Seven-day care from 8am to 8pm will be included in a new voluntary GP contract that will be developed by April 2017, the Prime Minister has announced.
One aim of the contract is “making sure that people in our country can get access to a GP on seven day a week basis, 8am to 8pm” David Cameron said on the Andrew Marr show yesterday.
The government “will be publishing a new GP contract to get rid of the box-ticking and the form filling”, he added, which the Department of Health explained would mean that “Micro-management of GPs’ work through the Quality and Outcomes Framework and other sorts of old-fashioned bureaucracy will be scrapped.”
Speaking on the eve of the Conservative party conference, Cameron said: “We want a seven-day NHS because your children don't get ill between 9-5 on a Monday to Friday.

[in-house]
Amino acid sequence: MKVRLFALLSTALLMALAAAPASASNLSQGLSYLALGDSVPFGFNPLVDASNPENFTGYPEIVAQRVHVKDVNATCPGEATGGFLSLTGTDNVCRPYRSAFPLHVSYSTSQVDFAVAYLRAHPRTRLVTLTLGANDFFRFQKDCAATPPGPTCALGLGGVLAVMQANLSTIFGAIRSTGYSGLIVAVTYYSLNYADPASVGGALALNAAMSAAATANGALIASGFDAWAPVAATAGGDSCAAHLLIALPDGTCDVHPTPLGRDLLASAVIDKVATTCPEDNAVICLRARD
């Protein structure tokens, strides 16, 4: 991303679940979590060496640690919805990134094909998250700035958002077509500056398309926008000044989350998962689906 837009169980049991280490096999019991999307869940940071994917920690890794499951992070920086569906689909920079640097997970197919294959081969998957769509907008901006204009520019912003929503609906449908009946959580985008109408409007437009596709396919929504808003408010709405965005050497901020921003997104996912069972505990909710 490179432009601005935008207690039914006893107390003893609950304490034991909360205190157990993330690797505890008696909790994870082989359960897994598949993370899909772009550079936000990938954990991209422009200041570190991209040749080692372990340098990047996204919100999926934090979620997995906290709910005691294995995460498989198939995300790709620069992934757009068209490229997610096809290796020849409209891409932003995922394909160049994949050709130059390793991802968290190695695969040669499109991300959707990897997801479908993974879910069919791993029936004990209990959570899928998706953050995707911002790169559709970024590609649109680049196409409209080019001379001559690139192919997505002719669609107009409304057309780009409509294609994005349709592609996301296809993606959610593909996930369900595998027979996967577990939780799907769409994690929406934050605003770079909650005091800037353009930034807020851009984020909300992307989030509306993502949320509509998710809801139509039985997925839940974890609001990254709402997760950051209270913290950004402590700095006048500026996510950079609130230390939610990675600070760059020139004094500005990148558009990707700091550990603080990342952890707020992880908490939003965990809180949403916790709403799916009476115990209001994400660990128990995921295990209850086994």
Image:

“I think a seven-day NHS is a really exciting prospect because parents and people in our country want to access the NHS on a seven-day basis. Let me be clear, that doesn't mean that all staff in NHS have to work every seven days, it just means the services are available.
“So I can announce today that we will be publishing a new GP contract to get rid of the box ticking and the form filling. This new contract will really focus on making sure that people in our country can get access to a GP on a seven-day-a-week basis, 8 in the morning to 8 in the evening. That's what we want to see,” he added.
A statement from the Department of Health (DH) explained that the key principles of the new contract will be: more money for primary care; more control for GPs over the way they work; more time to care for patients, and services seven days a week.
The new contract will be offered to federations or practices that cover populations of at least 30,000 patients, the DH clarified.